Thank you for your willingness to share your experience. The all-on-four technique is quite popular among Clear Choice Dental Implant Centers. They extract all your remaining teeth and to the implant-retained denture. Every Clear Choice Center is different, but thank you for sharing your story. Every dentist has differing philosophies, but you should have been presented with more than one option in your circumstance. Sorry about your experience.

This post is sponsored by Cleveland implant dentist Hylan Dental Care.

I have dental implants, can they support a denture?

I think it is time for me to get a new denture. I also have dental implants. Do you think my existing dental implants can be used to support the new denture? Or do they need to be removed and do I need to get new ones? Any insight you have would be greatly appreciated.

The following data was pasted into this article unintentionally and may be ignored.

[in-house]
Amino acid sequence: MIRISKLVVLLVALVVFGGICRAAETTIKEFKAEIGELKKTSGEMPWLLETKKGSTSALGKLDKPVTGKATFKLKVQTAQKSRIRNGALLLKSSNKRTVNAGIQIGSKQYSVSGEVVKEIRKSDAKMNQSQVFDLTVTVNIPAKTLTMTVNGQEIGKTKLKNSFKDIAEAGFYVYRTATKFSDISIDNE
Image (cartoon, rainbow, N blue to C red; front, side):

– Lawrence in Louisiana

Lawrence,

It all depends on the current condition of your dental implants. If they are in relatively good condition than it is possible to use them in support of your complete dentures. It is very difficult to make an assessment or make any specific recommendations without having actually seen you in person.

The dentist will need to perform a CT scan to evaluate your existing dental implants. The placement will be assessed and it will be imperative to confirm that there is favorable bone density to continue in the support of your implants and denture. The location of the existing dental implants will also be a factor in the design of your new dentures. There may be some limitations in the design parameters based on exactly where the implants are currently placed.

Make sure you consult with a credentialed and proven implant dentist. He or she will be able to give you more personalized recommendations, as well as provide your options to secure the denture.

This post is sponsored by Cleveland dentist Hylan Dental Care.